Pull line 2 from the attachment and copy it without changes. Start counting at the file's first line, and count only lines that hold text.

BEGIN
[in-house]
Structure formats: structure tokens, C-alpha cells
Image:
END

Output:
Structure formats: structure tokens, C-alpha cells